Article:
Laura on Life

Making the bed

By Laura Snyder

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[March 17, 2010]  Making the bed doesnít seem like a particularly difficult task, but most kids make it more difficult than it has to be. If you think about it, making the task seem difficult and whining about it is the only weapon a kid has against parental authority. If they make it look like they canít do it, then surely someone else will do it for them.

I taught my children only one way to make their beds, but from that instruction came many variations. I swear that a bed-making imp must arrive in the middle of the night to demolish any thoughts of logic that I might have instilled and replaced them with some very creative instructions on how to make a bed. The beds look nothing like what I would consider "made."

Now, Iím not one of those army sergeant types who have to see a quarter bounce on the bed before theyíre satisfied. In fact, Iíve never been able to make that happen. However, Iím fairly confident that the bed should not eat the quarter after it has been tossed.


My daughterís bed, like many other young girlsí beds, has a collection of stuffed animals and pillows on it that really should be removed each time the bed is made. Apparently, they have taken up a mutinous residence on her bed and refused to be moved. As a result, my daughter is forced to tuck the blankets under them. This is an improvement, however. She used to simply throw the blankets over the top of the animals. Ta-da! Done!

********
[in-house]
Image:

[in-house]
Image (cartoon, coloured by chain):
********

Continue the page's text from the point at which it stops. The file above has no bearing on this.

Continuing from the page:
My 13-year-old has been developing his theory that a bed can be made while one is still in it. It is not uncommon for me to see him squat-jumping on top of his bed while yanking a comforter into place. His experiments have even extended to hypothesizing whether he even has to make the bed at all. If he slept on top of the blankets and folded the bottom half up over his body, he could simply fold it back in the morning. We have found, though, that even with this groundbreaking theory, squat-jumping is still required.

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My youngest boy apparently does not have the gene that retains instruction. He does not like to be too warm while he is sleeping, so he has only one thick comforter on his bed. The top sheet gets stuffed down into the crack between the footboard and the mattress. Why do they make sheets for kidís beds anyway?

The boy is all about low-maintenance. This is evidenced by the fact that the one comforter he has is not necessarily used to cover the bed, but to cover up the mess under the bed. As a result, one edge of the blanket droops to the floor on the side of the bed I can see from the doorway. The other edge is clinging to the top of the bed for dear life.

Clearly, there are many ways to make the bed. However, if a quarter bouncing on it is the indicator of a well-made bed, weíve got a long way to go.


Laura Snyder is a nationally syndicated columnist, author and speaker. You can reach her at lsnyder@lauraonlife.com or visit www.lauraonlife.com for more info.

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